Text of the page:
False fire alarms – should there be a penalty?

For my sins, I live in sheltered accommodation, and as part of our security package, each flat (or apartment for my transatlantic readers), has a smoke detector. This is placed well away from the kitchen, in the hallway, so burning the toast shouldn’t set it off. In fact, I once had a frying-pan fire that generated loads of dense, black smoke, so the level is set pretty high in my detector at least – I see no reason the rest shouldn’t be the same. Even so, there are several false alarms every year.

This Christmas, though, they’ve set a record for putting other people’s lives at risk through false alarms – causing three since Christmas Day – because when the fire crews are buggering about here, they’re not available for genuine calls.

The latest false alarm was caused by a person getting aerosol spray in their smoke detector, Just how, in the name of all that’s idiotic, did that happen? What sort of numpty do you have to be to spray near, or into, a smoke detector anyway?

We’ve had three false alarms in the past week, which indicates that a number of my fellow residents might be getting sloppy or, in the above case, dumb (and we had one spell, some years ago, where there was at least one a week for several months). One woman put the teapot on the stove to warm it up – and left the tea-cosy on it. Which caught fire. No risk to anyone, but it set off the alarm. Another left a jacket potato in the microwave for so long it was reduced to a blob of carbon – and set off the alarm. You could call these accidents; then again, maybe it’s just stupidity (I once put a small pork pie in for 10 minutes, instead of 10 seconds – that, I freely admit, was stupid – but it didn’t trigger the fire alarm).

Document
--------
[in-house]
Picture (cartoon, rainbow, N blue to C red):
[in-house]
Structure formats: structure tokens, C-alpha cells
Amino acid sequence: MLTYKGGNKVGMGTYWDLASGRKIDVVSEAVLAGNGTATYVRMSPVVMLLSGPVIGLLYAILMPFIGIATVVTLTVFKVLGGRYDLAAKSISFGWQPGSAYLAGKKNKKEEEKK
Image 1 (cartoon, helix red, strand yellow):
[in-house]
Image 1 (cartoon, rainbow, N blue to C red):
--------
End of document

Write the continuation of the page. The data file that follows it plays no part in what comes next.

Personally, I’d like to see anyone who sets off a three-pump alarm which, given that most people here are disabled or infirm in some way, is the standard response, without a bloody good reason, fined. That’s what happens with malicious false alarms – why should stupidity be any different? As I’ve already mentioned, when the fire crews are here, they’re not available for genuine calls. Has anyone died, or been injured, because of this? I don’t know, but if it hasn’t happened yet, odds are it will at some point, and a spate of false alarms like the one we’ve just had – and it may not be over yet – New Year’s Eve, and it’s almost compulsory inebriation, will soon be upon us…

There’s also another problem that affects every single person in the building – the communal hot-water system, gas-fired, is automatically turned off when the fire-alarm’s triggered, and very often it can be 24 hours or more before it’s turned back on again (this really has got to change). In the meantime, old and doddery people are carrying pans and kettles of boiling water to the bathroom; I’m surprised  nobody has ever been badly scalded – pure luck, I suspect, and only a matter of time before it runs out.

2 thoughts on “False fire alarms – should there be a penalty?

    • Grumpy? Moi? Have you seen the name of this blog, Fi? Anyway, given the level of advice and information I post here, I’m entitled to a self-indulgent snarl occasionally…

      Sorry, though, I can’t see what’s funny. When fire crews are buggering about with false alarms, they’re not available for genuine calls and, one day, the dozy old farts here are going to cause the death of someone.

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